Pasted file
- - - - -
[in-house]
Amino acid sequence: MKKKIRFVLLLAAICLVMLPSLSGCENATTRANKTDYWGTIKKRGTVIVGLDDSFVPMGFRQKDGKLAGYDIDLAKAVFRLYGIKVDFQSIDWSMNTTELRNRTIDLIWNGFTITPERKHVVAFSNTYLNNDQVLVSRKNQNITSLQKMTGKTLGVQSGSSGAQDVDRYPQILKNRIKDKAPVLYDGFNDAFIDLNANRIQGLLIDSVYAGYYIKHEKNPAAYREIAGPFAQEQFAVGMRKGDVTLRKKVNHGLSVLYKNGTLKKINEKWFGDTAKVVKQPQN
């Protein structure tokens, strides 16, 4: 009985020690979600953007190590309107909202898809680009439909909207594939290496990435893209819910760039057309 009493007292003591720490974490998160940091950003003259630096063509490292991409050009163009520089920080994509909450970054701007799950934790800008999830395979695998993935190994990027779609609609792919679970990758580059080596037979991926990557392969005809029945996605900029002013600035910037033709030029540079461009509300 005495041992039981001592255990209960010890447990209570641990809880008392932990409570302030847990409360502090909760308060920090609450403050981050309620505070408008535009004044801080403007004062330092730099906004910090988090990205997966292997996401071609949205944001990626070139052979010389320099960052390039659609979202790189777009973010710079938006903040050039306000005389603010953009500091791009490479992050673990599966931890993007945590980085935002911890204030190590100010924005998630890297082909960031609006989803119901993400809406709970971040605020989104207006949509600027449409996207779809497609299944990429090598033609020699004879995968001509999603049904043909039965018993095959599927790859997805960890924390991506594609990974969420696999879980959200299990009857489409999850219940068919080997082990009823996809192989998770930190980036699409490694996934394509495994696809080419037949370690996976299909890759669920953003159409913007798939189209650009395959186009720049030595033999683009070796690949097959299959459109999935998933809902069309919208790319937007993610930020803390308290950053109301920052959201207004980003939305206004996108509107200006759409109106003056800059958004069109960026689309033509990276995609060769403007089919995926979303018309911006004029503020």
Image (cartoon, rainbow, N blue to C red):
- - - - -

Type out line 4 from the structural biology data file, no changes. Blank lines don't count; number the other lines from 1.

Image (cartoon, rainbow, N blue to C red):